When I’m not at derby or trying to run, most of my time has been dedicated to learning more on IT security. I’ve been studying Shon Harris’ All-In-One CISSP Exam Guide and loving it when it’s not boring me to tears. Really, I find security (especially IT security) fascinating, but the CISSP material is rather broad and reading 200 pages about risk analysis makes me want to gouge my eyes out. Especially since it seems like it could be summarized in about 10 pages.

The chapter on cryptography has been pretty cool so far, though.

One other aspect I’ve been working on is learning specific products and technologies. Knowing the overall landscape is uber important, but if I don’t know the details I won’t really do anyone much good. Or get any work. So…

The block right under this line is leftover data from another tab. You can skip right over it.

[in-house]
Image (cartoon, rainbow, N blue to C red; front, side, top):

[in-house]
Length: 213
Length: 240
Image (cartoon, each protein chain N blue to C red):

Metasploit is a pretty awesome product, especially when coupled with BackTrack. Both of them (BackTrack is actually a compilation of products into one OS / suite) are pretty hacker-y and are almost essential when it comes to pen-testing and the exploit / attack side of IT security. Honestly either of them could span multiple articles on their own, but know they’re really cool.

On the defensive side of security, or as I like to call it “Where there’s actual work”, Symantec is a gold mine. Especially since my company is a partner of theirs, I’ve been studying and learning Symantec Endpoint Security (SEP), Symantec Network Access Control (SNAC) and PGP, a long time security company / product also recently purchased by Symantec. Between those three products you can secure your network (SNAC), secure your workstations and servers against rogue applications, viruses, malware and OS exploits (SEP) and encrypt your data and email communications to prevent eavesdropping attacks (PGP). While no system is perfect, this comes a long way in removing common points of failure.